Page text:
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|Case Studies Jan/Feb - Page 8|
By Janine Roberts
This case study includes many keen insights about how societal messages affect women clients living alone and makes crucial distinctions among aloneness, loneliness, and solitude that other therapists can work with in their own practices. The opening statistics highlight the fact that numerous female clients may be confronting shame and other challenges brought on by being alone and feeling disconnected from themselves.
I wish, however, that the statistics and the case study hadn't been presented through a heteronormative lens. Saying "fifty-one percent of women live without spouses" and "a quarter of adult American women have never married" masks the percentage of women in these statistics who are gay, or women who are partnered but not married. Language like "with or without a man, she [Lisa] was capable, not only of surviving, but of thriving" is heterosexist.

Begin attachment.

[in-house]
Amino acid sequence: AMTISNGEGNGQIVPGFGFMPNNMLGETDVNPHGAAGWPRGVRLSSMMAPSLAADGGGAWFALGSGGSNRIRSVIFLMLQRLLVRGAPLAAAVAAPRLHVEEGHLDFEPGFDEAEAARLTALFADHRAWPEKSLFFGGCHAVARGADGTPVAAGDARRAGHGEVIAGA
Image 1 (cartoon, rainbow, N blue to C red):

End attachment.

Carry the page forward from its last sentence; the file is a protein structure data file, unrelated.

I applaud Falk's use of personal disclosure. Clearly that technique was helpful in the therapy. Research on the self-disclosure of therapists has shown that clients consider it useful in strengthening their connection with their therapist, gaining new perspectives, and seeing themselves as "normal." In workshops I've given in the U.S. and abroad, hundreds of clinicians have said that they self-disclose in therapy, and commented on how infrequently self-disclosure is addressed in training and supervision.
However, clients said in the research studies that the closeness that arose from therapist disclosure didn't always feel comfortable. Disclosures can cross boundaries inappropriately and be dangerous, putting clients in a position, for example, where they feel they need to take care of their therapist.